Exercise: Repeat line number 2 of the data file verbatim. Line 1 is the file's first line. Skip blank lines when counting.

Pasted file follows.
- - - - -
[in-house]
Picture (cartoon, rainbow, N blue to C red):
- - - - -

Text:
Picture (cartoon, rainbow, N blue to C red):